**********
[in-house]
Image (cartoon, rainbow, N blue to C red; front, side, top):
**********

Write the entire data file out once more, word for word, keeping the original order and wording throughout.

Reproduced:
[in-house]
Image (cartoon, rainbow, N blue to C red; front, side, top):